Address by Vice-Admiral Russ Shalders AO RAN, Chief of Navy, on 1st
March 2006 - 105th. Anniversary of the Australian Navy's Foundation Day (1st March 1901)

"2006 Creswell Oration"
Vice Admiral Russ Shalders AO RAN
Chief of Navy

(Verbatim as presented)

"Good afternoon and it is indeed a pleasure to be here.
Thank you, Elizabeth Sevoir for that kind introduction, and let me say it is quite befitting that the grand-daughter of the first Director of the Commonwealth Naval Staff should introduce the current Chief of Navy on the 105th anniversary of the Royal Australian Navy.
May I also sincerely thank all here present, for your interest in, and dedication to, matters pertaining to your Navy. I have no doubt that there are amongst you, many who would know the history and unique contributions of Rear Admiral Sir William Creswell far better than I. Notwithstanding, I would like to try to provide some background on Creswell's fight to form an Australian navy before I attempt to draw some parallels between the challenges he confronted, and those which face me a century on.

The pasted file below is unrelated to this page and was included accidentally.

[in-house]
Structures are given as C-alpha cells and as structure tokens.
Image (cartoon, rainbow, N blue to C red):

Creswell began agitating for the need for adequate Australian naval forces to supplement the Royal Navy Squadron based at Sydney in 1886. He argued that it would be better to develop local forces, instead of subsidizing the British squadron. While such views had been raised earlier, Creswell's articles stimulated much debate. His recommendations for enlisting Australians in the Royal Navy, and to establish a Royal Naval Reserve in Australia for British squadrons east of Suez, were rejected and Creswell later abandoned them. In 1899, at a conference of Australian naval officers here in Melbourne, he recommended instead the raising of an Australian force.
With the formation of the Commonwealth of Australia on 01 January 1901, the Constitution gave Parliament the power to make laws for the naval and military defence of the Commonwealth. The States transferred their 'naval forces and everyone employed in their connection' to the Federal Government on 01 March 1901.
It is that anniversary we celebrate today.
The Army claims today as their birthday. I had great pleasure in signalling the Chief of Army this morning to offer my congratulations, but to also remind him that the Senior Service is also one year older today.